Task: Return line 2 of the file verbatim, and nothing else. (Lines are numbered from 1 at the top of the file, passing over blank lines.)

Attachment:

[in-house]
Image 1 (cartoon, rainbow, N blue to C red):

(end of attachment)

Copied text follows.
Image 1 (cartoon, rainbow, N blue to C red):